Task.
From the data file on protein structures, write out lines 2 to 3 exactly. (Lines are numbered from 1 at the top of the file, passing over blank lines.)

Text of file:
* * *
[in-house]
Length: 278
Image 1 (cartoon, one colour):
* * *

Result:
Length: 278
Image 1 (cartoon, one colour):